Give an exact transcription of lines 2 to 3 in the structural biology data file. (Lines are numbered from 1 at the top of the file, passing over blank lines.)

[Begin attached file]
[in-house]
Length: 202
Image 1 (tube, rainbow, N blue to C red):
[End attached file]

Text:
Length: 202
Image 1 (tube, rainbow, N blue to C red):